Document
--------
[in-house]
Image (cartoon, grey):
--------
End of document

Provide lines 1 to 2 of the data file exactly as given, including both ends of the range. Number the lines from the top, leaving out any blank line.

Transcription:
[in-house]
Image (cartoon, grey):